Are the Dhaka war tribunal protests morphing into a wider ‘Bengali Spring’?


Guest post by Rashad Ullah

News reports on the mass demonstrations in the heart of Dhaka, Bangladesh’s capital, now in their fourth full day, dutifully report that Bangladeshis are protesting the verdict of a war crimes tribunal, but they may be missing the larger story — the genesis of a wider social protest movement in the world’s eighth-most populous country.bangladesh flag icon

At face value, the demonstrators are protesting the lighter-than-expected life sentence delivered earlier this week to Abdul Quader Mollah, an alleged war criminal — protestors who favor the death penalty held up signs of “ফাঁসি চাই (“Hanging Wanted”).

The verdict came as a result of a war crimes tribunal prosecuted by the Bangladesh government to bring to justice atrocities committed during the country’s independence war in 1971.  Quader Mollah, a leader of Bangladesh Jamaat-e-Islami (বাংলাদেশ জামায়াতে ইসলামী), the country’s largest Islamist party, which opposed the liberation of what was then East Pakistan in 1971 from Islamabad’s control, and Quader Mollah has been accused of masterminding killings against pro-independence intellectuals and perpetrating institutional violence against women.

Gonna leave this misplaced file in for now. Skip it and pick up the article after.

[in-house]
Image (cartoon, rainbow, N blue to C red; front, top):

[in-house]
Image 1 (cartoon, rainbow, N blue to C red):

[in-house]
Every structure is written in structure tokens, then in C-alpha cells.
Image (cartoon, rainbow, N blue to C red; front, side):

In recent years, Jamaat-e-Islami has joined a government coalition led by the Bangladesh Nationalist Party (বাংলাদেশ জাতীয়তাবাদী দল), one of Bangladesh’s two major parties, from 2001 to 2006, and serves in opposition to the current government headed by the more progressive, secular, and historically pro-Indian Bangladesh Awami League (বাংলাদেশ আওয়ামী লীগ), which promised a war crimes tribunal during its victorious 2008 election campaign.